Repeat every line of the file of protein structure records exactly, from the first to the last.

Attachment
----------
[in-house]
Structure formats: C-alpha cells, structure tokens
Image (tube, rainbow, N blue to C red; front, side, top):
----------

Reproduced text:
[in-house]
Structure formats: C-alpha cells, structure tokens
Image (tube, rainbow, N blue to C red; front, side, top):